My wife and I have a running joke about “Mr. Attacker”. When one of us inadvertently leaves a door unlocked, invariably a comment about “Mr. Attacker” will ensue. Mr. Attacker will now be known as MA for the remainder of this post mainly because I’m tired of typing “Mr. Attacker”.
To keep MA away, you must be aware, and awareness keeps you safe by giving you a buffer of reaction time. Think of it this way; when you drive you normally make some extra room in front of you incase the driver ahead needs to make a sudden stop. The “space” gives you time to react. Awareness is that “space”, as it gives you time to “observe, orient, decide and act”. (OODA loop)
The best martial art is outwitting your opponent without having to resort to the risk, (legal and otherwise) that is inherent in physical confrontations. Remember the boat scene from Enter the Dragon where Bruce Lee tells the pushy Australian guy who wanted to know Bruce’s style i.e. “fighting without fighting”. Bruce outwitted the guy easily because he was caught up in his own ego and view of how things should be done.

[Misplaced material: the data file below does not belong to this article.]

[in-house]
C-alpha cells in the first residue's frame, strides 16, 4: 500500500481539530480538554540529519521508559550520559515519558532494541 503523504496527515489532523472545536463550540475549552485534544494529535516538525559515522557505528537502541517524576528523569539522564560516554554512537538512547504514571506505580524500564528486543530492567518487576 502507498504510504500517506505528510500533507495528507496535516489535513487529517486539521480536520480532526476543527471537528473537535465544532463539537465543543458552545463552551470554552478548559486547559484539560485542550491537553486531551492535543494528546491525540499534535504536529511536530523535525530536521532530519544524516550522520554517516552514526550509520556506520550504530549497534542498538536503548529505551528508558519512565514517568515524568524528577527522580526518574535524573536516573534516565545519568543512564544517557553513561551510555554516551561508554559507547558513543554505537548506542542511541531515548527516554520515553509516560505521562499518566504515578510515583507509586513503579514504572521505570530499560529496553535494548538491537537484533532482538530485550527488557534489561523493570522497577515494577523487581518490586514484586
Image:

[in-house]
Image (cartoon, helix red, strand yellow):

The decision to not take that short cut through a rough part of town, or an alley that isn’t lighted appropriately….the examples are endless and I will leave the variables to you, and how you live your life.
Everywhere you go, MA is present, just waiting to do a double leg takedown and a quick ground and pound, just for good measure of course. All joking aside, MA is and has been a valuable tool of awareness for years. A training aid, an old friend who taps you on the shoulder…and reminds you he can and will kick your ass if you don’t wake up!
It’s not all gloom and doom though. Living in fear is no way to live. Being present in your day-to-day activities will give you the reaction time needed to defeat MA. MA wants you to be asleep, to be looking at your phone while you are walking down the street…that way he can bring the beat down to you.
Make MA a training tool, a reminder to keep your head up and on a swivel. Looking for MA can be taught to your students and loved ones with humor and wit. Physical confrontations are serious business and the sober reminder needs to be addressed frequently to not let yourself or your students become complacent.
In part two I will introduce ideas on awareness and maintaining personal space so that reaction time is maximized.